Main  Contacts  
Table of contents
PREFACE
THE MOTHER AND HER CHILD-1.1
THE MOTHER AND HER CHILD-1.2
THE MOTHER AND HER CHILD-1.3
THE MOTHER AND HER CHILD-1.4
THE MOTHER AND HER CHILD-1.5
SEXUAL EDUCATION-2.1
SEXUAL EDUCATION-2.2
SEXUAL EDUCATION-2.3
SEXUAL EDUCATION-2.4
SEXUAL EDUCATION-2.5
SEXUAL EDUCATION-2.6
SEXUAL EDUCATION-2.7
SEXUAL EDUCATION-2.8
SEXUAL EDUCATION-2.9
SEXUAL EDUCATION-2.10
SEXUAL EDUCATION-2.11
SEXUAL EDUCATION AND NAKEDNESS-3.1
SEXUAL EDUCATION AND NAKEDNESS-3.2
SEXUAL EDUCATION AND NAKEDNESS-3.3
SEXUAL EDUCATION AND NAKEDNESS-3.4
THE VALUATION OF SEXUAL LOVE-4.1
THE VALUATION OF SEXUAL LOVE-4.2
THE VALUATION OF SEXUAL LOVE-4.3
THE VALUATION OF SEXUAL LOVE-4.4
THE FUNCTION OF CHASTITY-5.1
THE FUNCTION OF CHASTITY-5.2
THE FUNCTION OF CHASTITY-5.3
THE FUNCTION OF CHASTITY-5.4
THE FUNCTION OF CHASTITY-5.5
THE FUNCTION OF CHASTITY-5.6
THE PROBLEM OF SEXUAL ABSTINENCE-6.1
THE PROBLEM OF SEXUAL ABSTINENCE-6.2
THE PROBLEM OF SEXUAL ABSTINENCE-6.3
THE PROBLEM OF SEXUAL ABSTINENCE-6.4
THE PROBLEM OF SEXUAL ABSTINENCE-6.5
THE PROBLEM OF SEXUAL ABSTINENCE-6.6
PROSTITUTION-7.1
PROSTITUTION-7.2
PROSTITUTION-7.3
PROSTITUTION-7.4
PROSTITUTION-7.5
PROSTITUTION-7.6
PROSTITUTION-7.7
PROSTITUTION-7.8
PROSTITUTION-7.9
PROSTITUTION-7.10
PROSTITUTION-7.11
PROSTITUTION-7.12
PROSTITUTION-7.13
PROSTITUTION-7.14
PROSTITUTION-7.15
FOOTNOTES-1
FOOTNOTES-2

money anxieties than their mistresses. Moreover, they supply an 

almost universal demand, so that there is never any need for even 

very moderately competent servants to be in want of work. They 

constitute, it is true, a very large body which could not fail to 

supply a certain contingent of recruits to prostitution. But when 

we see that domestic service is the chief reservoir from which 

prostitutes are drawn, it should be clear that the craving for 

food and shelter is by no means the chief cause of prostitution. 

 

It may be added that, although the significance of this 

predominance of servants among prostitutes is seldom realized by 

those who fancy that to remove poverty is to abolish 

prostitution, it has not been ignored by the more thoughtful 

students of social questions. Thus Sherwell, while pointing out 

truly that, to a large extent, "morals fluctuate with trade," 

adds that, against the importance of the economic factor, it is a 

suggestive and in every way impressive fact that the majority of 

the girls who frequent the West End of London (88 per cent., 

according to the Salvation Army's Registers) are drawn from 

domestic service where the economic struggle is not severely felt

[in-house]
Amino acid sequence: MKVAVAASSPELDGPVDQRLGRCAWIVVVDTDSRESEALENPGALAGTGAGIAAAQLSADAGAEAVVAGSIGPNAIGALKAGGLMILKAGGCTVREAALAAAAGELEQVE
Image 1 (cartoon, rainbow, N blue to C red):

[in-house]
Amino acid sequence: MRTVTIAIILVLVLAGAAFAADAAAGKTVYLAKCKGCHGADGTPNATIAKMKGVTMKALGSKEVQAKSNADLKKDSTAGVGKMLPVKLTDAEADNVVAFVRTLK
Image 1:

(Arthur Sherwell, _Life in West London_, Ch. V, "Prostitution"). 

 

It is at the same time worthy of note that by the conditions of 

their lives servants, more than any other class, resemble 

prostitutes (Bernaldo de Quiros and Llanas Aguilaniedo have 

pointed this out in _La Mala Vida en Madrid_, p. 240). Like 

prostitutes, they are a class of women apart; they are not 

entitled to the considerations and the little courtesies usually 

paid to other women; in some countries they are even registered, 

like prostitutes; it is scarcely surprising that when they suffer 

from so many of the disadvantages of the prostitute, they should 

sometimes desire to possess also some of her advantages. Lily 

Braun (_Frauenfrage_, pp. 389 et seq.) has set forth in detail 

these unfavorable conditions of domestic labor as they bear on 

the tendency of servant-girls to become prostitutes. R. de 

Ryckere, in his important work, _La Servante Criminelle_ (1907, 

pp. 460 et seq.; cf., the same author's article, "La Criminalite 

Ancillaire," _Archives d'Anthropologie Criminelle_, July and 

December, 1906), has studied the psychology of the servant-girl. 

He finds that she is specially marked by lack of foresight, 

vanity, lack of invention, tendency to imitation, and mobility of 

mind. These are characters which ally her to the prostitute. De 

Ryckere estimates the proportion of former servants among 

prostitutes generally as fifty per cent., and adds that what is 

called the "white slavery" here finds its most complacent and 

docile victims. He remarks, however, that the servant prostitute 

is, on the whole, not so much immoral as non-moral. 

 

In Paris Parent-Duchatelet found that, in proportion to their 

number, servants furnished the largest contingent to 

prostitution, and his editors also found that they head the list 

(Parent-Duchatelet, edition 1857, vol. i, p. 83). Among 

clandestine prostitutes at Paris, Commenge has more recently 

found that former servants constitute forty per cent. In Bordeaux 

Jeannel (_De le Prostitution Publique_, p. 102) also found that 

in 1860 forty per cent, of prostitutes had been servants, 

seamstresses coming next with thirty-seven per cent. 

 

In Germany and Austria it has long been recognized that domestic 


Page 4 from 5:  Back   1   2   3  [4]  5   Forward